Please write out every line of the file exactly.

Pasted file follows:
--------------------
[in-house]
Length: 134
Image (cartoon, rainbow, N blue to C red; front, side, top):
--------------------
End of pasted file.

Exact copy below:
[in-house]
Length: 134
Image (cartoon, rainbow, N blue to C red; front, side, top):